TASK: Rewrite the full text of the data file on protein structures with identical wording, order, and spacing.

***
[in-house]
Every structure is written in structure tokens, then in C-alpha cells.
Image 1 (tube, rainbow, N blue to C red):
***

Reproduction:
[in-house]
Every structure is written in structure tokens, then in C-alpha cells.
Image 1 (tube, rainbow, N blue to C red):